Let me begin by thanking all of Vista Outdoor employees for their hard work during the quarter and year. As a result of the worsening economic environment with increasing inflation, decreasing consumer demand and increasing federal fund rates, which resulted in reduced forecast and increased discount rates, during the fourth quarter as part of our annual impairment testing we took a noncash goodwill and indefinite lived tradenames impairment of $374 million. My remarks for the remainder of this call excludes that impairment.

For the call, there are five core themes I will highlight. One, our financial performance continues to be solid in these challenging times; two, fourth quarter costs and earnings improvement actions better position the company for fiscal year 2024; three, Outdoor Products is expecting a challenging first half of fiscal year 2024 with an improving back half while sporting products is expecting a more normalized purchasing cycle throughout the fiscal year. Four, we are committed to and working hard to be ready to spin later this calendar year. And five, our future is bright.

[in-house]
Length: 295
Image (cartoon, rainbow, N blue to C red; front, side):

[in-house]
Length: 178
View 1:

Let me first turn to our financial performance. Sales for the fiscal year topped $3 billion, with both segments increasing year-over-year. Our adjusted EBITDA margins were 20%, a solid performance as we navigated the market that have seen multiple inflationary pressures and higher input costs. We also generated strong adjusted free cash flow of $493 million during the year. Our leverage ratio is now 1.6 times, well within our long-term target of one times to two times, and we will continue to prioritize maintaining a strong balance sheet.

Organic sales for fiscal year were $2.7 billion, and our organic EBITDA was $574 million. Sales for the fourth quarter were $741 million, down 8.4% and adjusted EBITDA was $120 million and adjusted EBITDA margin was down 618 basis points. Organic sales were $654 million, down 19.1% and organic EBITDA was $118 million. Organic EBITDA margin was down 438 basis points. Sales for sporting products are expected to normalize in the high $300 million range, with EBITDA margins of low 30s near term with expectation the EBITDA margins will move downward in the back half of the year to the mid-20s.

These levels are well above pre-pandemic. Outdoor products faced a very challenging market in the second half of fiscal year 2023, with expectations this will continue at least through the first half of fiscal year 2024. The sales for Outdoor Products in the fourth quarter were $327 million, down 5%, while organic sales were $241 million, down 30.2%. EBITDA and organic EBITDA margins were both around 3%. Adjusted free cash flow in the quarter was very strong at $178 million, which included an IRS refund of over $40 million. Andy will provide additional details on our financial results from our fiscal year and fourth quarter shortly.